John Allen: Sliotar dimensions much ado about nothing

Hurleys in the future may not be made of traditional ash due to the dieback disease crisis

Limerick led by 0-9 to 0-4 at the break, with midfielder Brian Ryan landing three fine points from play. Photograph: Donall Farmer/Inpho.

Limerick led by 0-9 to 0-4 at the break, with midfielder Brian Ryan landing three fine points from play. Photograph: Donall Farmer/Inpho.

 

The weight of the hurling ball aka the sliotar has been the subject of a fair bit of discussion and comment over the past number of years . Having a standardised sliotar became a matter of importance for the powers that be a number of years ago .

There was a season in the middle of the last decade when all the sliotars used in championship matches were supplied by the GAA and all were individually numbered. Such was the paranoia abroad about counties using balls that weren’t of the proper standard.

Over the past while there have been many new company names and logos on sliotars but all of these balls have to pass the standard criteria of the match ball dimensions so one wonders what all the fuss is about .

However there is now a body of opinion that the sliotar presently used, is too light and that points are being scored at ease almost from 90 and a 100 metres because of the sliotar’s lightness (without a thought for the hurlers accuracy or strength). But is it all as simplistic as that ?

Are we actually complaining about too many scores in games and putting some of the blame on the sliotar?

Would it not be more equitable to say players are now more conditioned and probably stronger than the players of old and that the hurleys they are using are now custom-made for all the serious players? Well gone are the days of getting a hurley out of the communal bag when the need arose. Hurleys are better made and shaped for striking the ball out of the hand, and not for ground striking. Surely, with better equipment, the players will be more consistent in their ability to strike properly much of the time (all things considered).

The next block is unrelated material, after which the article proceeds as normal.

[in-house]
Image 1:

Are we to assume a heavier, less aerodynamic ball would make it much more difficult to score from distance or sometimes from outrageous distances?

Would not the opposite be the case? Of course there are a number of factors which determine how far the sliotar will travel when struck with the hurley. As well as having an impact on speed and trajectory, the size and mass of balls also contribute to how external forces affect them.

When two balls of the same diameter are made of materials of different density and mass, the ball with the greater mass-density will travel farther if projected with the same amount of force, or at the same initial speed. So my physics research informs me. Are all sliotars equal might be a more apt question?

Main problem

Or should we be looking at hurling for all that’s so entertaining about it? It’s speed, skill and quality and quantity of scores are features that attract people to be enthused about the sport. Surely a sport that entertains so much and provides so many scores is to be commended.

Or should we be much more concerned about the shortage of ash and the problems that will create? The GAA’s games development and research group believes “‘hybrid hurley”’ may have to be used in the coming years due to the ash dieback disease crisis.

The traditionalists won’t fancy that.With regard to hurleys, prototype hurleys made from various pieces of dowelled or hinged wood pieces are already in existence, allowing manufacturers to use wood that was previously discarded. Over the years there have been efforts to make sustainable, acceptable non-ash hurleys, part ash hurleys and fibreglass hurleys. However the vast majority still play with an ash hurley.

That ash hurley has gone through many metamorphoses since Cúchulainn’s altercation with that dog. As far as I know hurleys have always been made of ash. Apparently ash is the only wood that’s supple and doesn’t crack easily. It’s light and flexible. And it absorbs the shock of another hurley so the user doesn’t get the sting in his hand. Patrick Deeley,in his recent book The Hurley Maker’s Son wrote that his late father, (a hurley maker in the Loughrea area) said that “the ash was the only wood considered to hold the right balance of sturdiness and flexibility for the job hurleys had to do”.

For the hurler of yesteryear the picking of the hurley was a process in itself. The curve of the grain was important. The thickness of the pole was also examined. And of course the bending of the stick was a must to ensure that bit of “give” that it had to have. Some hurlers always had their sticks banded and some didn’t.

Custom-made

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